2.3.5. Within-School Differences: Curriculum and Ability Grouping

2.3.5.1. Problems with tracking:

2.3.5.1.1. Is placement fair and based on merit?

2.3.5.1.2. Students cannot learn what they are not taught.

2.3.5.1.3. Unequally demanding curriculum produces inequalities of learning.

2.3.5.2. Lower tracks have didactic, teacher-directed practices with rote-learning and fact-based evaluations, whereas, higher tracks are more likely to have more dialectical, student-centered practices, with discussion and thinking-based evaluation.

2.3.6. Gender and Schooling

2.3.6.1. Female scholarship has attempted to understand the ways in which schools limit educational and life chances of women.

2.3.6.2. Carol Gilligan argues that women do reason in a different voice and it should not be devalued as society has done by rewarding men for "male" behavior and negatively towards women for "female" behavior.

3. History of Education

3.1. Three Main Ideas of Education:

3.1.1. From inception, schools assumed the roles that once were the responsibility of family, church, and community.

3.1.2. Schools continue to serve as a focal point in larger issues of societal needs.

3.1.3. There is little agreement on the motives for school reforms.

3.2. Old World & New World Education: Colonial Era

3.2.1. Nine institutions of higher learning were founded prior to the American Revolution. Among them, Harvard University was established in 1636.

3.2.2. 18th Century: Development of a national interest in education, state responsibility for education, and growth in secondary education.

3.2.3. There were different themes regarding the purpose of education: Religious, Utilitarianism, and Civic.

3.2.3.1. Religious: Puritans wanted their children educated so as not to be "wanton" and "immodest." 1647 Puritans of New England "Old Deluder Satan Laws"were regarded as the historical first step toward compulsory government-directed public education in the U.S.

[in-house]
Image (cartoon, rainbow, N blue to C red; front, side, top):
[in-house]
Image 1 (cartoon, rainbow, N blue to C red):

3.2.3.2. Utilitarianism: In 1749, Ben Franklin's "Proposals Related to the Education of Youth in Pennsylvania" called for education to be based on secular/utilitarian studies rather than religion and rote learning.

3.2.3.2.1. 1751 The Franklin Academy opened in Philadelphia.

3.2.3.3. Civic Motive: Thomas Jefferson proposed a bill in 1779 to provide free education to all children for the first three years of elementary school and limited meritocracy afterward.

3.2.3.3.1. 1785, 1787 Land Ordinance Act, Northwest Ordinance-required land owners to pay property tax.

3.2.4. 1687-1890 New England Primer was the first reading textbook designed for the American Colonies. It was the most successful educational book published in the 18th century America and was the foundation for most education before 1890s.

3.2.4.1. 1783 Noah Webster's American spelling book was published and used in schools.

3.2.5. Schools varied in quality in the colonies.

3.2.5.1. New England: Called dame schools, often taught by elderly housewives, lessons consisted of reading, writing, and religion. Students taught through memorization and strict discipline measures. Secondary education was reserved for the elite sons.

3.2.5.1.1. 1635 Boston Latin Grammar school established.

3.2.5.2. Middle Colonies: More diverse schools as the region consisted of vast religious and cultural differences.

3.2.5.3. Southern Colonies: Education of both sexes though confined to upper class and took place at home. African-Americans kept illiterate.

3.3. Age of Reform: Rise of Common School

3.3.1. 19th Century: Increasing role of public secondary schools, increased but segregated education of women and minorities, attention to the field of education and teacher preparation.

3.3.1.1. 1821 Emma Willard's Troy Female Seminary opens as the first endowed secondary school for girls.

3.3.1.2. 1821 First public high school opens in Boston.

3.3.1.3. 1837 Horace Mann became Secretary of the Board of Education in Massachusetts. He was a politician and educational reformer who argued that establishment of the "common school," or publicly funded elementary schools, was the best way to turn children into responsible citizens and allow for social mobility. Mann's reform is credited for the popularization of "normal school" that trained professional teachers.